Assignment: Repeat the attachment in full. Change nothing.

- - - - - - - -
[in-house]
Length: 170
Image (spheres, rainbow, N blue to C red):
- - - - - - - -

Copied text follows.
[in-house]
Length: 170
Image (spheres, rainbow, N blue to C red):